I have great difficulty working when my client has very specific ideas of what he wants. Technically I'm not so good. But when I start from a white sheet I get most of the time to propose a simple and powerful concept film, I think like for this one wich is for a security computer company :



thanks man

Edited by AMAL, 27 March 2012 - 09:56 PM.

Amal - le Chapeau Rouge

#4 Binky

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Posted 28 March 2012 - 08:56 AM

Cool, I was actually looking for the viewing context, more than anything. Like, where will this be seen? Is it gonna be on tv? On a wall display in a reception area? Floating around on youtube? On a kiosk at a trade show? Is it part of a larger presentation, or self-contained? Context is incredibly important for the viewer. An LCD monitor with an image of a rotating jewel on it, hung over a desk with a woman in a suit stationed at it means one thing in a jewelry district and another entirely at a video game convention. You're either gonna get pitched on investment diamonds, or you're gonna find out about the new Sims game. Cuz I can't imagine anyone at E3 hustling precious stones.

Same goes for this Evidian clip. I have absolutely no idea what this company is, other than part of the Bull Group, about which I'm also completely uninformed. I don't even know what "Free up time for patient" means (is it a typo?). I have a myriad of conceptual associations to 1s and 0s, but that unfortunately narrows down the meaning of the spot to "technology something-or-other". My educated guess is that Evidian does computing, or communications routing, or some highly technical digital thing, but that describes like 5,000,000. So all I can hope for is that this piece is meant to be seen in some context that will make it all coherent, and specific. Again, is this a youtube ad I have to watch before I get to see a CNet review on a new asus logic board? Is it looping on the monitor of an invasive full body scanner at the airport? What is it? Where does it go? Who sees it, and when?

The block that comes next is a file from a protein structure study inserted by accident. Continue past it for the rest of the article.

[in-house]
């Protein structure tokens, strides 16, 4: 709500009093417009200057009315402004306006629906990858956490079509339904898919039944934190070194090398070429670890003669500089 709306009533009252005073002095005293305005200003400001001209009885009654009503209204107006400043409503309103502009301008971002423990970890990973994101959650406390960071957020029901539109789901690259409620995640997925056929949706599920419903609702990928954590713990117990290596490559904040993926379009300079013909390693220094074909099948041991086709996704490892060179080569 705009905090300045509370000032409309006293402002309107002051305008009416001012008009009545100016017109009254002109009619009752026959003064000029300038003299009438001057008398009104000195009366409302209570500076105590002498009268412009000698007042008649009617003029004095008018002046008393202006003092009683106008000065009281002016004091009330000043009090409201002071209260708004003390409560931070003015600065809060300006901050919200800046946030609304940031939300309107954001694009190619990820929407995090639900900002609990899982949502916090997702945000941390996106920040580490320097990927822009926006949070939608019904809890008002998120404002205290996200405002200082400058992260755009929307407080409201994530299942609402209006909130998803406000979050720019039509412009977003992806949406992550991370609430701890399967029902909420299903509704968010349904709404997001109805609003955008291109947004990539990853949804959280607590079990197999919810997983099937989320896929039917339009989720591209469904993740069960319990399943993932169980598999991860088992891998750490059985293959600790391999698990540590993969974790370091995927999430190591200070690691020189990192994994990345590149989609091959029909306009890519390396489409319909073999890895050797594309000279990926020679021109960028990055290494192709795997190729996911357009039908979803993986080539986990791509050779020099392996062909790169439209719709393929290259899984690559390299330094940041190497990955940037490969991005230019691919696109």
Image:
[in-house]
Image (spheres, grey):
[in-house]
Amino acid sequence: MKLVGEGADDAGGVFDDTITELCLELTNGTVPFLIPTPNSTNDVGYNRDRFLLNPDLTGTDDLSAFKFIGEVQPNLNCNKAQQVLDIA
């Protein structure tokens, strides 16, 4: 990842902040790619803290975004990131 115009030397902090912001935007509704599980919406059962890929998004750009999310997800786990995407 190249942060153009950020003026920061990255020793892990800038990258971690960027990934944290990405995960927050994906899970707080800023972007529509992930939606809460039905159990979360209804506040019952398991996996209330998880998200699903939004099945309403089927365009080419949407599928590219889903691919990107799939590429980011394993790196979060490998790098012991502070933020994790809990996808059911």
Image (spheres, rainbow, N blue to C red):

In terms of communication, the Licorn piece actually does a better job, if only because the words that we can read are literally TELLING us things. They're still pretty uninformative things, however, and your icons don't help that (a star, a tv/monitor, a mobile phone, three bars, the facebook logo?) Much more importantly, if you're going to use visual media to communicate stuff to an audience, what's the point if you rely on the content of the words while treating the entire visual aspect as throwaway material? I mean, you understand that, but it's kind of worth repeating.

Basically, what I'm saying is that the viewing experience of this spot goes something like:
Mirror chunks explode. Chunks float around. Obscured words. Feels stylish like a cosmetics ad. Facebook. Online. Print. Facebook. Mobile phone. Com? Chunks come together to make a logo. Licorn Publishing. End.

Only on my 7th or 8th viewing did I bother to read the small type under the Licorn logo, which informed me that it's a french interactive agency. And that makes the preceding buzzwords make a lot more sense, but it's a problem if the lynchpin of the entire thing is the minuscule type buried under a gigantic logo.

All things considered, they're both aesthetically appealing, which is something to be proud of. I Just think that unless we're missing some crucial contextual clues, your strategy in each piece probably needs some work.